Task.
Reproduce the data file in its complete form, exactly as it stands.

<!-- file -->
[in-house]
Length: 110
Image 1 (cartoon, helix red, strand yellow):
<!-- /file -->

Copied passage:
[in-house]
Length: 110
Image 1 (cartoon, helix red, strand yellow):